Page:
Traditionally single-cell sorting is performed using fluorescence-activated cell sorting (FACS). However, while this is suitable for many experiments, there are some limitations to this technique, especially when working with delicate cells. “The pressure the cells are facing in FACS sorting is around 10 psi, which is pretty high, and some cells are really sensitive to that, and will die. Dendritic cells, for example, tend to die quickly after sorting,” says Chaligné. Similar issues are faced when working with cerebrospinal fluid samples, for example, where recovering viable cells following cell sorting is also challenging. “For those samples, LeviCell has been a game-changer because now we can quickly and gently extract live cells and remove all the debris and the dead cells. This has allowed us to apply our single-cell genomics method after using the LeviCell,” Chaligné says.

Furthermore, the LeviCell system uses magnetic levitation to precisely separate all cells in the sample to collect high yields of live cells, based on intrinsic properties, including density and magnetic susceptibility. Consequently, the proportion of live versus dead cells in the starting sample does not impact the time taken to separate viable cells. “If you have FACS sorting of a sample, and your samples are just 5% live cells, it will take you a long time to select those cells because the population of interest is small,” describes Chaligné. “In the LeviCell, because the whole sample is selected at the same time, the time that it's in the machine is constant, and you are not really impacted by the fact that your populations may be smaller or bigger. You let it sit in LeviCell for 20 minutes, and it's done.”

The LeviCell system has also helped the SAIL team overcome logistical challenges when working with surgery samples. “Usually, our collaborators want to treat clinical samples fresh, because you have better quality, you can dissociate the cells, and you can sort specific cell populations. But one of the caveats, when you do that, is that clinical samples are frequently postponed,” explains Chaligné. Delayed samples can lead to missed FACS appointments, leaving samples unable to be processed. “Now we have LeviCell. It's logistically easier for us. We can switch on the machine in two minutes, and we can just allow the clinical sample to arrive,” says Chaligné. “Being able to just load the sample, enrich for live cells, remove dead cells and debris, and have a good cell population, viable for the single-cell method is perfect.”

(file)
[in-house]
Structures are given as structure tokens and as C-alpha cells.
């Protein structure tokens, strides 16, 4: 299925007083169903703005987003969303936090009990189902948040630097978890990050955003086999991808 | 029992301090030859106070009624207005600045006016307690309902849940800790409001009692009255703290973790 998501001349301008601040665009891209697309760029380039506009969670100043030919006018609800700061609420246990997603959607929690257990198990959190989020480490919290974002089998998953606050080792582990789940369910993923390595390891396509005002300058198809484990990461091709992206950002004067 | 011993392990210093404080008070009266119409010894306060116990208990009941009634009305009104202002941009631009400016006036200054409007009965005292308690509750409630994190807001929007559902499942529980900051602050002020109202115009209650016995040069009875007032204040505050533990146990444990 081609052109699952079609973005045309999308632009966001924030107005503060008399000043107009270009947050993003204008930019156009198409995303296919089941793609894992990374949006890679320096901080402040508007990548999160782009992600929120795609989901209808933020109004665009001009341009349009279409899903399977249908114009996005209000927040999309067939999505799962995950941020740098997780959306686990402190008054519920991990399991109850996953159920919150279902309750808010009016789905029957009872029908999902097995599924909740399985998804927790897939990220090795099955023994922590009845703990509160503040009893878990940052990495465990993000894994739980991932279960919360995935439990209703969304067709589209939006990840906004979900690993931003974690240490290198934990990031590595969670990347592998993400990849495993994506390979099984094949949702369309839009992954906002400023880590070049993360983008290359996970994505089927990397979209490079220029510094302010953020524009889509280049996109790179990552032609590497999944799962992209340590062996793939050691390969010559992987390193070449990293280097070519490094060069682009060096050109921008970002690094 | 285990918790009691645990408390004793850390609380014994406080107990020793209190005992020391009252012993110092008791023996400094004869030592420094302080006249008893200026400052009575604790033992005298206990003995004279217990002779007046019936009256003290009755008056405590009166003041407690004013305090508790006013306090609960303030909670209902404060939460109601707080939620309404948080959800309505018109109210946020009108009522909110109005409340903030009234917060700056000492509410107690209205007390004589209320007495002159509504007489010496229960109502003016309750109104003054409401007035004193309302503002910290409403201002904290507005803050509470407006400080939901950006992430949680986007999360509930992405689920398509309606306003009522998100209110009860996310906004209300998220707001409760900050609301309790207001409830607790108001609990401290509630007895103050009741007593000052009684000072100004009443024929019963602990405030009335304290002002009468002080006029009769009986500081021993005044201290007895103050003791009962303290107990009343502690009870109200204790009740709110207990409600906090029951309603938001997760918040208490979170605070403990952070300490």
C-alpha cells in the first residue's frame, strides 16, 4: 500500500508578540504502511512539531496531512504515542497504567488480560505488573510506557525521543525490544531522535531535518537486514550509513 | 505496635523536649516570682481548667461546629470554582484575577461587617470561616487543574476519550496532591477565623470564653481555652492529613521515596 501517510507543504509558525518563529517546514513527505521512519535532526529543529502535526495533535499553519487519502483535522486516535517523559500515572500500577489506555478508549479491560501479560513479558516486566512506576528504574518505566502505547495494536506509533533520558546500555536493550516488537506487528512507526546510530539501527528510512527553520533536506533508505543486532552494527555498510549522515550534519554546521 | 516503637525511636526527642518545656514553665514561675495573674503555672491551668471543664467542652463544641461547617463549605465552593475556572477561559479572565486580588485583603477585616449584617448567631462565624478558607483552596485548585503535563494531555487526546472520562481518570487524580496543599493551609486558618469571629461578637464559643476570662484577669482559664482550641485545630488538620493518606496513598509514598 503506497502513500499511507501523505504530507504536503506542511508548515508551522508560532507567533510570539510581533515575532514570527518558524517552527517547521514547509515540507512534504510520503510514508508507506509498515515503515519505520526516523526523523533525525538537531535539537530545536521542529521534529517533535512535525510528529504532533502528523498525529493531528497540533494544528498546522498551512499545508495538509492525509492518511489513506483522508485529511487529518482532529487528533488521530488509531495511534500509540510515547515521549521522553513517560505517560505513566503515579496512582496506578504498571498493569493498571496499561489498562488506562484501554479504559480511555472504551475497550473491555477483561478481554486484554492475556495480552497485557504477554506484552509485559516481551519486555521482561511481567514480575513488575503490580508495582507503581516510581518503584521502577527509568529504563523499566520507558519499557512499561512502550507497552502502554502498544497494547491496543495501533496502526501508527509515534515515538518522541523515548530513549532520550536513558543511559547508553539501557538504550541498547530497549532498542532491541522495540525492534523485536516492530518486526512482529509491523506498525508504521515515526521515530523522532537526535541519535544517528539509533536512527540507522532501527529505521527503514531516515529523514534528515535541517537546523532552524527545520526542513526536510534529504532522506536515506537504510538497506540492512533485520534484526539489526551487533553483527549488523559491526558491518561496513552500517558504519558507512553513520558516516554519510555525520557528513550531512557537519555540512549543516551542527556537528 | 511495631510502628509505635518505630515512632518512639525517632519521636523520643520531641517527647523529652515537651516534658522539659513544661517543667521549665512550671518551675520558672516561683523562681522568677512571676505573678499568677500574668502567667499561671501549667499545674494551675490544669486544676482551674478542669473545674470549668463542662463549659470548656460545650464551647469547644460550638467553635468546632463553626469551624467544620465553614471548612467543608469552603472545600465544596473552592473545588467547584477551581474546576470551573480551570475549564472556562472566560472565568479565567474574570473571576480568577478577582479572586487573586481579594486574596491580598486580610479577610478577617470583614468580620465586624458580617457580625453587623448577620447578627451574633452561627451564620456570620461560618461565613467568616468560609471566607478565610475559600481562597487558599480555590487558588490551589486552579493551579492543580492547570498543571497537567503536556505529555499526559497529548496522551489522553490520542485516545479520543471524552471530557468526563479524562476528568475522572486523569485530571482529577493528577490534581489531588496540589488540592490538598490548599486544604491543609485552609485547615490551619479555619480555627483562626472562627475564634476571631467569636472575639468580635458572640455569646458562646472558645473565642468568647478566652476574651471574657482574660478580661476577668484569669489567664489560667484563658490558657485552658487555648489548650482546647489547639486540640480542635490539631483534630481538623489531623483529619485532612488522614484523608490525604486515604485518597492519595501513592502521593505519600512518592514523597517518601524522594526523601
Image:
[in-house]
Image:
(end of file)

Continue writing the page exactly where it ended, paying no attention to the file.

Chaligné has received a high standard of support from the team at LevitasBio and has even been involved in the beta testing of new products. “I'm really looking forward to everything they're trying to develop,” says Chaligné.

The future: Entering the era of multiomics

Looking to the future of single-cell analysis, Chaligné highlights the expanding techniques used in the field to gain more information from each experiment. 

“We are now entering the era of multiomics. So far, we've been trying to improve gene expression profiling, to be more efficient at how many genes and transcripts we could capture per cell. Now, we are really entering the era where we are trying to capture more information than just gene expression. We are also capturing surface proteins, transcription factors, and chromatin landscape, amongst others. Thanks to methods developed by groups like Aviv Regev or Peter Van Galen, we can also capture mitochondrial DNA mutation, which allows us to perform lineage tracing,” enthuses Chaligné. “All these things we can almost capture in one experiment. I really see that as trying to squeeze as much information as possible from one single cell, so I think that is the way the field is advancing now, and that's exciting.” On top of this, spatial information capture will also play a key role in advancing single-cell analysis. 

Together, these methods will help to further our understanding of heterogeneous diseases like cancer, from identifying which characteristics cause the expansion to why some clones are resistant to treatments. The single-cell analysis will also provide more insight into pre-cancer studies, where precancerous clones may be present decades before any cancer arises. Chaligné concludes: “As someone who really focuses on technologies, I like the way new technology is advancing biology and how it's helping answer new biological questions.”